Have the doll try on the dress to see how far up her armpits are and if you need to make the dress narrower still. It's also a good reality check to see if the skirt is fitting still.

If reductions in width are still needed, continue with skirt method until the required width is reached. For Baby Sister Milk, we did only one row with decreases, then regular stockinette stitch until we reached her armpits. For us, it was a total of 4 rounds, and we had 38 stitches on the needles.

Arms: Divide the stitches so that you're working on two DPN - one for the front, one for the back. The lines of decreases should run up the right and left sides of the dress. At the arms, the pattern is worked in back-and-forth to leave an opening for her arms. The pattern is now stockinette with a two columns of garter stitch on either edge.

row 1: k across
row 2: k2, p to last two, k2

Do this until the flap you've created reaches the doll's shoulders. Have the doll try on the dress. Check to see how wide the head hole needs to be. In our case a 4 stitch shoulder was what worked. When it's long enough, the ending row is:

k4 to keep, bind off the middle stitches, k4 to keep. Leave a long tail for kitchnering the second shoulder. We had a total of 13 rows for the arm section. I ran a yarn through the live stitches, one yarn for each shoulder, and tied in a bow to use as a stitch holder.

Repeat this section on the other needle. If you work it right, you'll end up with a tail on each shoulder. If that's not how it worked out, tink back the last row, reknit in pattern, then do the last row and you should be squared up with a nice tail on each shoulder. Kitchner each shoulder. Tuck in loose ends.

It's a dress that could use some embellishment - a ribbon bow, a line of buttons, maybe some sparkles or felted flowers.

Thursday, November 10, 2005

Baby Sister Milk

Needs a dress.

LaLa's babies are: Baby Sister Daniel, Baby Sister Thank You, and the newest baby sister, Baby Sister Milk. (BSM). BSM was a project at school - a muslin doll a la Raggedy Ann, sans the cool stripes, where the kids picked out the features (black curly hair and blue google eyes, a tan triangle nose and a red smile) and the teachers helped glue them on. She was wearing a jumper style dress made of Bob the Builder material, trimmed by pinking shears and held together with little tabs of velcro at key locations. When BSM had a dirty diaper and La was taking off the dress, she pulled the velcro off the material instead of pulling the velcro apart, leaving her with quite a draft and in need of new threads.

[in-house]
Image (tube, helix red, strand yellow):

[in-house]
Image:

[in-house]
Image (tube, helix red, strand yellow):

So far, the design is the body of the dress is orange Lambs Pride Worsted with light blue LB cotton-ease sleeves. Apparently Baby Sister Milk is a Gator fan. Influenced by the Perfect Sweater Project over at Mason-Dixon, we're going to go with a seed stitch hem. I've never made a sweater before, but we're going bottom up. Kind of an A shape with decreases along the left and right sides. Not sure how we're doing the sleeves. I'll post a pattern and picture when I'm done. Sadly, Baby Sister Milk went to bed with La, so we're missing our model. I've cast on 60 stitches on heirloom size 8 DPM's. We'll see how it goes.

Tuesday, November 08, 2005

Boy Scout Knitting

Committee meeting last night at Boy Scouts. I knit away on that second sock for Marilyn. I'm at the point where I start frantically comparing the two socks to see if it's time for the heel yet. Are we there yet? No. Are we there yet? No. If only I had taken notes or measurements or something. I'll have to figure it out tonight and write it down.

Wrap Style and Scarf Style arrived last night. Buy.com had a thing where if you spent $25, then the shipping was free. Totally worth it to get Scarf Style while I was there (the books were 10% off Amazon's price.) So, both the books for $26, where Wrap Style is listing for $21. It feels like a major shopping coup. Both books are gorgeous. Some projects that aren't up my alley, but several that look doable and the back of the book as thoughts on formulizing your own design, which will ultimately become the most useful. It's an interesting exercise to go through the book, then look at the notes on what makes a scarf or wrap and do the derivations and figure out what it is I like about the various shapes, styles, and stitches to come up with what I really want. I'm still looking for something to do for a wrap/shawl with the yarn I bought for clapotis. I really need to take a picture of the yarn. It was interesting that a lot of the wraps were done in bulky or heavy worsted yarn (4 or 5 on the new guide), at least the wraps that were interesting to me. I'll have to do some contemplating, and hopefully after the holidays I'll be able to make something nice for me. After seeing that a shrug is basically a scarf where the ends were sewn into sleeves....that's intriging too.